The simple answer to this question would be the insurance plan under the current presidential administration, run by Joe Biden. Famously, a change in president’s (and especially a change in political parties) often translates to a shift in policies and practices in how the country is run during the administration’s tenure.
The Biden administration quickly introduced the campaign to Build Back Better shortly after taking office. This plan for the administration’s execution of policies and agendas focused on rebuilding the country and economy from the difficulties presented by the COVID-19 pandemic. The Biden health insurance agenda includes the expansion of access to health insurance by several actions. These include expanding and strengthening the Affordable Care Act, increase subsidies for various coverage plans, implement increased public options for insurance, and
In order to explain the Biden Care Health Insurance Plan, it is necessary to understand the predecessor, the Affordable Care Act.
The Affordable Care Act (ACA) was a major health insurance initiative under the Obama Administration throughout the two terms served. The amendment, which was signed into law in March 2010, was widely known as “ObamaCare”, named after the president. The plan transformed the insurance system by changing the individual insurance market and expanding eligibility of Medicaid recipients. The benefits were paid for using a tax that was assessed to the top 1 percent of income earners to enable the lower 40 percent of income earners to receive up to six hundred dollars in benefits.
The Affordable Care Act established a tiered system for coverage, using the terms, “bronze” , “silver”, “gold”, and “platinum”, each differing by the percentages of health care costs through premiums. These plans differ based on costs of the premiums, ultimately creating higher premium costs for lower out-of-pocket medical expenses and lower premium costs for higher out-of-pocket expenses.
However, these changes to the health care system also brought individual requirements for U.S. citizens. In 2014, an “individual mandate” went into effect, requiring most U.S. citizens and legal residents to have coverage under insurance. If they did not follow this mandate, a penalty of the greater of a $695 fee or 2.5% of taxable income would be assessed as income tax.
The ACA also created additional requirements and regulations for individual insurance policies. These regulations included the prohibition of insurance companies to deny a medical insurance plan to a person with a pre-existing medical condition. Companies only became eligible to charge a different premium based on location and age
Due to political opposition, individual states were able to choose whether or not they wished to participate in the federal exchange for health insurance but needed to provide a state exchange if they chose to opt out, thus leading to the differences in open enrollment periods and state-insurance portals.
During the previous Trump administration from 2016 to 2020, many of the Affordable Care Act’s policies were rescinded (including the fee for individual mandate violations of health insurance coverage). The administration also reduced funding for the advertisement of the act’s policies, reduced support for resources that assisted citizens with coverage sign-ups and reduced the open enrollment period to be 45 days in 2018.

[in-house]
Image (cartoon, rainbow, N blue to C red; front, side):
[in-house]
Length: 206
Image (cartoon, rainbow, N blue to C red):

However, the Biden administration returned to a state of support for the Affordable Care Act. The administration expanded the session of open enrollment for 2021 using a Special Enrollment Period due to impacts from COVID-19. The enrollment period extended until August 15, 2021. Biden’s Health Care Plan has also surrounded the implementation and wide-spread access to the COVID-19 vaccine. Utilizing tax funds, the vaccine is available at no cost to the patient.
Overall, the Biden administration supports the continuation of the Affordable Care Act in supplying millions of Americans with affordable options for health insurance. The current plan includes an increase in subsidies to ensure that an individual will not pay more than 8.5 percent of their income on health insurance premiums. However, this subsidy would end for individuals making more than 400 percent of the federal poverty line. These guidelines ensure that low to middle income individuals and families are able to receive these subsidies for insurance premiums. Biden’s Health Care Plan has proposed to add subsidies to “gold” level plans, creating an affordability for plans that have lower premiums (due to these subsidies) and lower out-of-pocket health and medical costs.
The Biden administration’s support of the existing Affordable Care Act should not come as a surprise. Since Biden served two terms as the Vice President under Obama, the support of similar policies for his administration is easily continued. As the country steps away from the era of the pandemic, it is assumed that Biden’s health care plans will shift towards the encouragement of health insurance enrollment under the Affordable Care Act and ensuring that all Americans are able to receive health care coverage.